I’m not sure why I love The Mindy Project so much. It’s not the hang-out sitcom perfection of New Girl, the pulsating heart and comedic absurdity of Parks and Rec, nor the envelope pushing experimentation of Community. In fact, for most of the first season, The Mindy Project seriously struggled to define what exactly it was, adding characters, tones, and romantic complications like it was its job.
Yet somehow, across the lonely desolation of a new-tv-show-less summer, my affection for Mindy Kaling’s flawed effort has only grown, to the point where I felt palpable relief upon finally seeing the premier (posted a week early on Hulu, a move I don’t quite understand to be honest). It’s not just my affection for Mindy herself (or my incredibly narcissistic belief that I am her most of the time), I realized that I really missed the unique rhythms of the show.
Mindy Kaling loves both sitcoms and romantic comedies, two genres way-too-often maligned by people who chose to only see the worst of them, and this comes through in every episode. She is EXCITED to be playing in this field, to be taking romantic moments and putting a Mindy spin on them (although I could do with never hearing the expression “he peed on my wedding dress” again).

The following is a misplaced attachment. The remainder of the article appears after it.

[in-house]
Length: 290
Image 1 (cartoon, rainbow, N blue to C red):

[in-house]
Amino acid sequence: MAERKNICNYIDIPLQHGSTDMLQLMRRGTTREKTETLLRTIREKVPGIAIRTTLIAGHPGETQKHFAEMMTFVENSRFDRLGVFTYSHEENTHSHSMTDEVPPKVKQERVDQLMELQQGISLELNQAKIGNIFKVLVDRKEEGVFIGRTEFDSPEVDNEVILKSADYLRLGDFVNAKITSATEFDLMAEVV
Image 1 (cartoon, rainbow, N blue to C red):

The pilot rushes around a lot. At the end of its first season, Mindy cut all her hair off to win back her do-gooder boyfriend (I know he must have a name, but I exclusively refer to him as Anders) and went off with him to Haiti. The premiere picks up with Mindy, only slightly changed by her stint as an underpaid doctor without border, extolling the virtues of her Haitian life and her relationship with Anders, until an untimely bout of “failure to maintain her non-vital organs” shepphards Mindy back to the waiting, creepy arms of Morgan and the rest of her New York colleagues.
If this all feels a little convenient (why would they send from Haiti to New York City?), it is. But that’s kind of the point. Mindy’s love for sitcoms allows her to bypass a lot of the reality other shows would pretend to have in order to get to the plot points she wants. The resolution of the Mindy-getting-married plot was similarly pat, allowing them to keep around Anders (fine, I looked him up. CASEY) when they want, while still allowing Mindy and Danny to make glowering, grumpy, but-sort-of-maybe-in-love eyes at each other. And I really can’t complain, because the best moments of The Mindy Project come when it allows Mindy to give in to her favorite obsessions, rather than adhere to normal rules of plotting.
If I was the type to give grades (and the piles of ungraded papers I STILL have from a stint as a teacher that ended TWO YEARS AGO certainly seem to say that I am not), I would give this premiere a very satisfied B+.
PS: I didn’t talk enough about my love for Chris Messina in this review, but during my periodic pop ins during the course of this season, I’m sure I’ll have ample opportunity to extoll his virtues. Because seriously… THIS was my favorite moment of the whole show.
PPS: I didn’t talk about James Franco either, even though I liked him. More on that next week!